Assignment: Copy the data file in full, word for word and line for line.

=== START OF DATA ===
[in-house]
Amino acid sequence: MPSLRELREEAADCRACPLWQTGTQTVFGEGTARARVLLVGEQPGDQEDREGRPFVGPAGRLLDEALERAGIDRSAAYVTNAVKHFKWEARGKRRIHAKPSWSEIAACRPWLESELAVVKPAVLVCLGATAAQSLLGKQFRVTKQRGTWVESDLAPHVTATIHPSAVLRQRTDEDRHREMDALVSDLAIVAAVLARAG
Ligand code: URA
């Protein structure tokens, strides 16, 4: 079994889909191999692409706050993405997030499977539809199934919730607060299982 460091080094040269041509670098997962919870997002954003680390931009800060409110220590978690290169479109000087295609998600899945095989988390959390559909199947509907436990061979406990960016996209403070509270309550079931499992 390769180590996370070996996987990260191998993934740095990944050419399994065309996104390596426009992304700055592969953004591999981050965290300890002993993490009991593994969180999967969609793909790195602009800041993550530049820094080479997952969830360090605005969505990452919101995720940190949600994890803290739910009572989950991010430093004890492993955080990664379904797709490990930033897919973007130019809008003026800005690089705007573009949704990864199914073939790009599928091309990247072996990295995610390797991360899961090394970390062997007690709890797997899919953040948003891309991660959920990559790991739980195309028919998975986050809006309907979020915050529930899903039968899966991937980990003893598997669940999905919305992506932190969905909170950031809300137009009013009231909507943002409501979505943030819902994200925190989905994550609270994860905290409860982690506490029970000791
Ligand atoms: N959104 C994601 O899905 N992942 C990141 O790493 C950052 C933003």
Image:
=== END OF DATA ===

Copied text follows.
[in-house]
Amino acid sequence: MPSLRELREEAADCRACPLWQTGTQTVFGEGTARARVLLVGEQPGDQEDREGRPFVGPAGRLLDEALERAGIDRSAAYVTNAVKHFKWEARGKRRIHAKPSWSEIAACRPWLESELAVVKPAVLVCLGATAAQSLLGKQFRVTKQRGTWVESDLAPHVTATIHPSAVLRQRTDEDRHREMDALVSDLAIVAAVLARAG
Ligand code: URA
């Protein structure tokens, strides 16, 4: 079994889909191999692409706050993405997030499977539809199934919730607060299982 460091080094040269041509670098997962919870997002954003680390931009800060409110220590978690290169479109000087295609998600899945095989988390959390559909199947509907436990061979406990960016996209403070509270309550079931499992 390769180590996370070996996987990260191998993934740095990944050419399994065309996104390596426009992304700055592969953004591999981050965290300890002993993490009991593994969180999967969609793909790195602009800041993550530049820094080479997952969830360090605005969505990452919101995720940190949600994890803290739910009572989950991010430093004890492993955080990664379904797709490990930033897919973007130019809008003026800005690089705007573009949704990864199914073939790009599928091309990247072996990295995610390797991360899961090394970390062997007690709890797997899919953040948003891309991660959920990559790991739980195309028919998975986050809006309907979020915050529930899903039968899966991937980990003893598997669940999905919305992506932190969905909170950031809300137009009013009231909507943002409501979505943030819902994200925190989905994550609270994860905290409860982690506490029970000791
Ligand atoms: N959104 C994601 O899905 N992942 C990141 O790493 C950052 C933003």
Image: